Credit: S. Habbal, M. Druckmčller and P. Aniol
The crown of the Sun's atmosphere, its outermost region, is called the corona. The corona is extremely hot, with temperatures topping millions of degrees, and streams from just above the visible surface of the Sun outward into space. The corona is very dynamic and changes with the solar sunspot cycle, and on much shorter timescales too. Except for the odd coincidence that the moon and the Sun have the same apparent size as seen from earth (the moon being 400 times smaller than the Sun, but 400 times closer) we would not be able to see the corona from earth, since it is much fainter than the visible emission from the Sun's photosphere. But during total solar eclipses (like the one happening today across the entire U.S.) the moon moves directly between the Sun and Earth, casting a 65-mile wide spot of total darkness on the earth. This black spot moves across the earth at speeds in excess of 1000 miles per hour. If skies are clear, people within that shadow band will be able to see the light from the corona for a brief period (up to a few minutes) when the moon covers the Sun. Understanding the solar corona is important, since it's the one part of the Sun that, in a very real sense, materially touches the earth. Eruptions and explosions powered by the tangling of the Sun's magnetic field are responsible for the corona's extreme temperature, and also can expel large portions of the corona into space during coronal mass ejection events. If the earth is in the path of a CME, charged particles from the CME will interact with the earth's magnetic field, producing colorful aurorae. But very powerful CMEs can damage communication satellites orbiting the earth, and can pose a danger for astronauts on the International Space Station and even airline passengers. Aside from the danger of these events, views of the corona during totality are spectacular. So, if you can, go outside and enjoy the eclipse. But make sure you use proper precautions to view the eclipse safely, since even a small amount of the photospheric light from the Sun can damage your eyes.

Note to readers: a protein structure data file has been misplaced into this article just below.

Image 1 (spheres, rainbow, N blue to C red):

Published: August 21, 2017
HEA Dictionary * Archive
* Search HEAPOW
* Other Languages
* HEAPOW on Facebook
* Download all Images
* Education * HEAD
Each week the HEASARC
brings you new, exciting and beautiful images from X-ray and Gamma ray
astronomy. Check back each week and be sure to check out the HEAPOW archive!
Page Author: Dr. Michael F. Corcoran
Last modified Monday, 28-Aug-2017 08:55:45 EDT